After an opening so bad, everything else has at least the chance of being better, and there are indeed bits and scraps of what follows which made it just about worth slogging to the end. But for all that his recurring characters keep bitching about how Swagger keeps doing the same dangerous things again and again and hoping that they’ll work, Hunter doesn’t seem to be reading his own memos; Swagger just does keep doing the same things again and again and succeeding.
The one new thing is that Hunter tries his hand at first person narrative, weaving into the text the memoirs of the villain of the piece. This doesn’t quite come off, because Hunter is trying to write in the voice of a man who is trying to write like Nabokov, and you have to be a very good writer to write someone writing badly. Or at least it’s best if you haven’t already stuffed up third person narrative in the same book. Huh? How can you get third person narrative wrong? You have to make your mind up what you’re writing; is your voice that of the writer, recounting the stuff which has happened from the outside, assisted by the knowledge of how it really was and not just how it looked? Or is your voice really that of the character, putting us inside the character’s head and only showing us what he sees and thinks. You have to choose one, and having chosen, you have to stick to it. Your voice, or the character’s voice. Hunter breaks that rule again and again, letting his own opinions seep into the narrative where they just don’t belong.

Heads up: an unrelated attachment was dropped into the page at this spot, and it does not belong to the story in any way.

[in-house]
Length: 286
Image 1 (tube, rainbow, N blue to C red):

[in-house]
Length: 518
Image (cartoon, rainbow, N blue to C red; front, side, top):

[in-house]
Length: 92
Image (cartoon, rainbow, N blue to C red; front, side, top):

As with all Swagger-verse books, the problem in the plot is Swagger, the unbreakable hero in a world of expendable meat sacks. The older Swagger gets, the less credible his survival gets, and the harder Hunter has to work to create a scenario in which Swagger can prevail against all the odds. His incredibly powerful opponents have to construct edifices of dizzying double-think so as to create a plan which will seem fool-proof without ultimately being Swagger-proof. The ingenuity doesn’t go into Swagger’s escapes, but into thinking of a way the villains can talk themselves into being dumb enough to create something which even Swagger can escape from. The whole plot feels like that monologue the villain always indulges in so that the hero can wriggle out of his bonds. Come to think of it, maybe that’s what that whole first person section was supposed to be.
There is, rather wonderfully, a Chekhov’s gun, an actual gun which exists merely to flag the secret identity of the villain as cryptically as possible. I felt dumb for not seeing it, which is the way that kind of thing is supposed to work. Ah-ha, of course, you think. Well played.
If I was feeling generous - and plainly I’m not - I’d say that this was an interesting revisit of the first and most worthwhile Swagger book, Point of Impact. They’re both, after all, about a plot to shoot a guy and get a patsy blamed for the shooting, and the set-up depends on gimmicking a gun to make it look as if it’s fired a bullet from a different gun. But rather winningly, Hunter’s afterword explains that what you’ve just finished reading is the book he originally tried to write when he started Point of Impact, but which he couldn’t get to work the first time. Damned if I didn’t feel stupid at how it had never struck me that there was a critique of the Warren Commission embedded in Point of Impact. Seems so obvious now. But I’d have to say that Hunter was right the first time.